Gravitational waves: the hubbub around LIGO’s February announcement still hasn’t died down. The question isn’t even whether it will win the Nobel Prize, but which of its scientists it will be awarded to. But, what exactly are gravitational waves? What causes them and why are they such a big deal?
Let’s turn back the clock one hundred years. The year is 1914. A few months after Charlie Chaplin makes his film debut, Einstein comes up with the theory of General Relativity, which states that massive objects like stars or planets curve the very fabric of space and time. Smaller masses fall into this curved spacetime: this is what we call gravity.
Some regions of spacetime known as black holes are so dense that they exert gravity strong enough nothing, not even light, can escape.
If two black holes get too close to each other, they start exerting gravity on each other.The closer they get the faster they orbit until finally they collide. The energy emitted by this collision is massive- yet the signal it gives off are so weak by the time they reach the earth we’ve never been able to prove that these collisions happen.
That is, until a project known as LIGO, the Laser Interferometer Gravitational Wave Observatory, detected two black holes colliding. These black holes were roughly THIRTY TIMES the mass of the sun– each! At one point it even released more power than that released by all the stars in the universe — combined.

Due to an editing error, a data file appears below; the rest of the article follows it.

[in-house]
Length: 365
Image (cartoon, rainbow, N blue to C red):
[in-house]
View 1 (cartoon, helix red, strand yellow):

This collision was so huge and catastrophic that we could detect it from one billion light years away. What we heard were the “aftershocks” of the event: gravitational waves, ripples from massive objects accelerating that cause space to expand and contract.
Gravity is a weak force, and gravitational waves are nearly impossible to detect, since they are drowned out by other signals in the universe. However this collision was so strong, LIGO was able to “listen” to it happen.
CREATED BY: The STEM Chicks
Written by: Jessica Karch
Animated and illustrated by: Maxine Nelson
Narrated by: Ciara McGovern
Special thanks to Brian Dawes
Music Credit: “New Dawn”, Bensound.com